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Drought and its consequences on river life

By Dave Armstrong - 09 Sep 2012 17:3:9 GMT
Drought and its consequences on river life

River Ure in Yorkshire; Credit: © Shutterstock

With dryness overcoming the earth, the global warming effect needs detailed study. Where will it be wetter, for a start? Rivers stand predominant in the scene, as if they disappear, civilisation has been known to follow. Freshwater food webs have been studied here with an aim towards understanding severe drought effects.

The local loss of rare predators of any size could potentially be a turning point for a riverine community. Substantial loss of species variety and their interactions is a expected problem, but the chosen few at the top of the food chains naturally control populations. Chalk streams in Europe have been regarded as one of the most biodiverse systems known, despite the danger of natural drying-up! Researchers in southern England in this paper ("Letters" in Nature: Climate Change) have some of the most studied limnological backgrounds in research.

From the Freshwater Biological Association to modern techniques analysis, such northern European streams and lakes have been the classic place to start. From Birmingham University (England) and the University of Alaska, Mark Ledger, Lee Brown and the rest of a highly qualified team took eight replicas of stream channels and used them to work out how reduced river flow would shift the balance of power in the ecosystems for two years (ie. supraseasonally).

The effects on species richness were worked out with benthic counts and gut contents analysis. 783 feeding relationships were identified among 84 consumers and producers. The detritus and filter-feeders in streams made it necessary to include organic matter in biofilms and leaf litter! More obvious producers were the cyanobacteria, diatoms, algae and fungi usually found in these streams. Macroinvertebrrates were of course the fisherman's friends, the alderflies, caddis, mayflies, stoneflies and midges, along with many leeches shrimps, beetles snails and worms.

Mayfly

Mayfly image; Credit: © Shutterstock

The results were fascinating, especially considering the large amounts of river flow currently diverted from rivers for city use, and the planned expansion by private Water Boards. 21% reduction in species was recorded for the drought-ridden streams, but some groups were very resilient against the drought threat. This possibly follows drought conditions in natural streams which occasionally occurs in southern England. Species richness was indeed maintained, but encrusting green algae were lost, in exchange for diatoms.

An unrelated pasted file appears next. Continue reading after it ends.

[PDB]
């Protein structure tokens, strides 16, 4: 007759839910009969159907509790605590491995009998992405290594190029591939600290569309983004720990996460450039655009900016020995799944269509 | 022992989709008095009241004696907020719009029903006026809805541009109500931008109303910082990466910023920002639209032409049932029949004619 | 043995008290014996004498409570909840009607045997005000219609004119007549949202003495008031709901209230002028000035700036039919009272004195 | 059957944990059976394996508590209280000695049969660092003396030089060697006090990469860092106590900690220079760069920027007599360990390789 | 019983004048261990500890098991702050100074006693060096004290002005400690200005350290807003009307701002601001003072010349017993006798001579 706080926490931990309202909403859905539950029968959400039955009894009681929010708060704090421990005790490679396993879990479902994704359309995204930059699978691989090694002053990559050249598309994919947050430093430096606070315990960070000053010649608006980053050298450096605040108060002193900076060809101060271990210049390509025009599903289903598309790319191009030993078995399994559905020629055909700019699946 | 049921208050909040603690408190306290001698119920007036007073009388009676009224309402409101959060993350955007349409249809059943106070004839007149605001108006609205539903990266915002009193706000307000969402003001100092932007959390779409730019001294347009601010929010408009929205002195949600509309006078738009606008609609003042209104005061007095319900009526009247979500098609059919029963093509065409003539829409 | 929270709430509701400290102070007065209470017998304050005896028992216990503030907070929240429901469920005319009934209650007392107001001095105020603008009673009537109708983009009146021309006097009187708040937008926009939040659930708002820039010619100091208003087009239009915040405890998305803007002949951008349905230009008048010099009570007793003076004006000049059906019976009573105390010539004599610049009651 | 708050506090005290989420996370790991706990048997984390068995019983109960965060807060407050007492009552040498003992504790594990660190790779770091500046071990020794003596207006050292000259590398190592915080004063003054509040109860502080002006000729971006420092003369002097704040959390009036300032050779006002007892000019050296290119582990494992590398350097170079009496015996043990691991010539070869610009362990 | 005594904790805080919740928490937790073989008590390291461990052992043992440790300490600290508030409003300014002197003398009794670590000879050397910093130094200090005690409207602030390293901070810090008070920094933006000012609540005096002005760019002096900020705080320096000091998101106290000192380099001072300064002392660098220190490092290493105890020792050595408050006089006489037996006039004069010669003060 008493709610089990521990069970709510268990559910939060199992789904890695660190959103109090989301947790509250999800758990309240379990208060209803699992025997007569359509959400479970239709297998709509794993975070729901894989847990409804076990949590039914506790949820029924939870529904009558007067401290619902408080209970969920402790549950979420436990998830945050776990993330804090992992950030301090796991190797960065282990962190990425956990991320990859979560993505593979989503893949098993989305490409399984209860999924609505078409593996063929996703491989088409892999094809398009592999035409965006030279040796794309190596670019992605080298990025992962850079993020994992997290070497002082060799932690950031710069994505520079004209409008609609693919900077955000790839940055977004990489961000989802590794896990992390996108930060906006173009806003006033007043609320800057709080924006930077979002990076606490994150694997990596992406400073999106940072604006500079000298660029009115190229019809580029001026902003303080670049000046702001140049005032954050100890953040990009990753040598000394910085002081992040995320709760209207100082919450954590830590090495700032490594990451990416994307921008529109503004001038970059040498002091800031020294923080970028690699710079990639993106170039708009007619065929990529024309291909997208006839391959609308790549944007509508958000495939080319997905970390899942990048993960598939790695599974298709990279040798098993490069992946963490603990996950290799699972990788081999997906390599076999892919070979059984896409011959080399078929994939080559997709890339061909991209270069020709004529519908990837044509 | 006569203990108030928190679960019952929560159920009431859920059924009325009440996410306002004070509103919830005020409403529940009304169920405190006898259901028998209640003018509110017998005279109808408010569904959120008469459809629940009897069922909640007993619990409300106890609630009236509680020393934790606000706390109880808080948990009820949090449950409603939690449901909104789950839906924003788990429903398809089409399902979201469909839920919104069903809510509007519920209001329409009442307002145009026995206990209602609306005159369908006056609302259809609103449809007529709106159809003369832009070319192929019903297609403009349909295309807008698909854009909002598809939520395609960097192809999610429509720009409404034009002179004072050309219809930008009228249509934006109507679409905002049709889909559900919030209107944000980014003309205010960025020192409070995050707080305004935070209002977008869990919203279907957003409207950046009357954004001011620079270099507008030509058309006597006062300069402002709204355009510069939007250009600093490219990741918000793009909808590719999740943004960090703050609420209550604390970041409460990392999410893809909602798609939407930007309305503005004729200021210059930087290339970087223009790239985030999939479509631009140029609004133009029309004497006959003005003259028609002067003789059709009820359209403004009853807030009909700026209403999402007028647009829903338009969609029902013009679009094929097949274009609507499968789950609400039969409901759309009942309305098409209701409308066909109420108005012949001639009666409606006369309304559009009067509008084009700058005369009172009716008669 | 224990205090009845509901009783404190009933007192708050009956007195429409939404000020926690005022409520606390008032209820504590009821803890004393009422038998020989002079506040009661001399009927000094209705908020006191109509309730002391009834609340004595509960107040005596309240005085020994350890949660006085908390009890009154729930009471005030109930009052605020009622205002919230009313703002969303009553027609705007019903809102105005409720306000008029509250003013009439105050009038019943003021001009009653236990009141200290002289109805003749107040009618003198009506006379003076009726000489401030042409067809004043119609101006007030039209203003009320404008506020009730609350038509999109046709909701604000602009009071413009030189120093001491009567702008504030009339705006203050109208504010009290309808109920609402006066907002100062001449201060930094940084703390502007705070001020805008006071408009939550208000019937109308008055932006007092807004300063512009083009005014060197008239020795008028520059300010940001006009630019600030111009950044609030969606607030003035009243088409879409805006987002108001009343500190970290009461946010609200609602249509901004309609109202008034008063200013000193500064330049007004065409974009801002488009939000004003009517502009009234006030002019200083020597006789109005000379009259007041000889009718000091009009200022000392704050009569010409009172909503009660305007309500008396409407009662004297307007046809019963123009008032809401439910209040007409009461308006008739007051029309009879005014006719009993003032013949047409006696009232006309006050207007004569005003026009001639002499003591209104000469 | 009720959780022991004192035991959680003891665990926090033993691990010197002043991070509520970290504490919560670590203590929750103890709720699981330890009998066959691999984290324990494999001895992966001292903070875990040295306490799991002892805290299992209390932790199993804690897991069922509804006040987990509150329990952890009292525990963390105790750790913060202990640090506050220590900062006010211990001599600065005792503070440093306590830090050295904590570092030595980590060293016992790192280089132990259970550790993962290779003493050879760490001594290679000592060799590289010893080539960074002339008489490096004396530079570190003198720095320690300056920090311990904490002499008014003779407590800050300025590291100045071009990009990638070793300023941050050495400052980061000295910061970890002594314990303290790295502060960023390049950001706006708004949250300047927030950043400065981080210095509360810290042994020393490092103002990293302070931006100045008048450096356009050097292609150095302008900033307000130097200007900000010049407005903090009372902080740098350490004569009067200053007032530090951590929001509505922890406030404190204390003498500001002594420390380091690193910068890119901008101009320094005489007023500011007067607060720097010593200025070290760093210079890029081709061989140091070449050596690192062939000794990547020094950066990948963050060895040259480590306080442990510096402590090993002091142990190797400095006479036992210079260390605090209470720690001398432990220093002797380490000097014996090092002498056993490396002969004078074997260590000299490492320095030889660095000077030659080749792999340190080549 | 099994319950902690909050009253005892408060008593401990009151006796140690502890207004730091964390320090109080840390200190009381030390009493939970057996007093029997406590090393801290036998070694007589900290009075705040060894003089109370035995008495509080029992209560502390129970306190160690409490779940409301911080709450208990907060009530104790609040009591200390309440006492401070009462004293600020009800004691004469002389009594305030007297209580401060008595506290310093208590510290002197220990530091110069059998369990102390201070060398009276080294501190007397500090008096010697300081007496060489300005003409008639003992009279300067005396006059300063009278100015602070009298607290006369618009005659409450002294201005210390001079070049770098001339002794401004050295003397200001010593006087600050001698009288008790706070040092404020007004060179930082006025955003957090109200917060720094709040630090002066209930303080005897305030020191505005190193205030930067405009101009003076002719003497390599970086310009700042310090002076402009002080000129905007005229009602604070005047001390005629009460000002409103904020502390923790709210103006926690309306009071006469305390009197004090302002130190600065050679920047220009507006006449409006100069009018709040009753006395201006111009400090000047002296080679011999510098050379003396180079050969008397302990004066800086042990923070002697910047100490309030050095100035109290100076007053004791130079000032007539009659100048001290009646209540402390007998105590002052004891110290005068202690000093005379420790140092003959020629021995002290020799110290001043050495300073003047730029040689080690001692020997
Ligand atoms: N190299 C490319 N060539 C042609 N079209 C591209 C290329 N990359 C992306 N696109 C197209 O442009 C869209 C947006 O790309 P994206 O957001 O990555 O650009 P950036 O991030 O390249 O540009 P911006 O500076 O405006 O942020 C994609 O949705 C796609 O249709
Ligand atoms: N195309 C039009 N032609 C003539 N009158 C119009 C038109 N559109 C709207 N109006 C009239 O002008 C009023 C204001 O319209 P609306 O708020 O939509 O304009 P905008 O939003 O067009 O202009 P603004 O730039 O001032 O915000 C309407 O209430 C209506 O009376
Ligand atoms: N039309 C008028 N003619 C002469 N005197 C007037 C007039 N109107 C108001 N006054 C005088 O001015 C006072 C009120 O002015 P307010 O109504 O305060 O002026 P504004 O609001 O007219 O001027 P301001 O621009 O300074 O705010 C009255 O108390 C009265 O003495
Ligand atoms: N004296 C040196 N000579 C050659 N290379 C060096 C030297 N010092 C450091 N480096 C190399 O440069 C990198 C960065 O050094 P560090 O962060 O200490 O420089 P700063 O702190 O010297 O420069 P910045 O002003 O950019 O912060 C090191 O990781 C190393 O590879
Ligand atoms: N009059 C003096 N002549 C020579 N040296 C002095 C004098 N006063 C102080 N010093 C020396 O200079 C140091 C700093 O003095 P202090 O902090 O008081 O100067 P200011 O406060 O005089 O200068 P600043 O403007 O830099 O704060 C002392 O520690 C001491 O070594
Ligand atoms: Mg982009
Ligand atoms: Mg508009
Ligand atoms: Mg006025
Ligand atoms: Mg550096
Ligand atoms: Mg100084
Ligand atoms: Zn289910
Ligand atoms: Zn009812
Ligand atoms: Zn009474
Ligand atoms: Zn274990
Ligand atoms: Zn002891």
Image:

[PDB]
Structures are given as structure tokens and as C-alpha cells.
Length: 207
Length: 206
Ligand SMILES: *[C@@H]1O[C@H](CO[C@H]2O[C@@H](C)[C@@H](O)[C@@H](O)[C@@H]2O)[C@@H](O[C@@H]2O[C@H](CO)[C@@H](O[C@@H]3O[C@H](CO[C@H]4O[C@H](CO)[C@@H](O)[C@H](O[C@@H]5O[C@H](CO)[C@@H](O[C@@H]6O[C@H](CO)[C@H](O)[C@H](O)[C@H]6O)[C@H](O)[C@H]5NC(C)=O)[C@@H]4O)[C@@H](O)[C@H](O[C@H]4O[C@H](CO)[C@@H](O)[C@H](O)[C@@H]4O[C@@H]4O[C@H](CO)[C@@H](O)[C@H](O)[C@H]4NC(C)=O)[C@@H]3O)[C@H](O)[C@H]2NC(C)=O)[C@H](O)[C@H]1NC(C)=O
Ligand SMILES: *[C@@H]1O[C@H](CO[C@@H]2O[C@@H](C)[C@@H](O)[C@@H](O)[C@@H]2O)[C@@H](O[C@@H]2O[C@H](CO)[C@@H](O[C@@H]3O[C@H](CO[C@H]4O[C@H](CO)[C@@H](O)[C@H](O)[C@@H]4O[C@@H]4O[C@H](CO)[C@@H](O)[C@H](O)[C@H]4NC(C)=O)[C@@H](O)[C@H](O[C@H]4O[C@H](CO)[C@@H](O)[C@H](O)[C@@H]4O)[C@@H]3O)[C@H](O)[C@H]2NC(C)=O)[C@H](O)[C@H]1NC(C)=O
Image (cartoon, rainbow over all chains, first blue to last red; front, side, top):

The animals fared badly. 37% of the animals that eat the algae and detritus were gone, with their biomass down greatly to a meagre 36% of their former glory. And of course this spelt misery for the poor old predators, with their food supply withered on the vine. 78% disappeared along with 88% of their biomass. Drought effectively eroded foodwebs from the top-down. Significant high mortalities for stranded predators were regularly recorded. The biomass recovered slightly from large numbers of chironomid midge larvae exploiting the disturbance in the community. Certain small entrepreneurs were theorised to be capable of taking over temporary niches. Large animals disappeared, in some cases to "drought refugia," more suited to smaller predators

Fresh water then is vulnerable to climate change with network restructuring usually failing to maintain the ecosystem. Change in snail and some other populations, probably associated with the loss of encrusting algae, were enormous. Molluscs like these produce vast amounts of useful biomass, but Potamopyrgus lost 95%. Shrimp, mayfly and caddis fly also lost greatly. Midge larva generally gained, with a relevant conclusion from the research that small species increased in biomass, with the loss of diversity and the larger species. Overall, the biomass was down, in any case.

What this means worldwide for any ecosystem is that lack of water is naturally one of the greatest dangers from global warming. If forests and rivers dry up, we are likely to face a world with few wild habitats and even less biodiversity within them.

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Topics: Biodiversity / Wildlife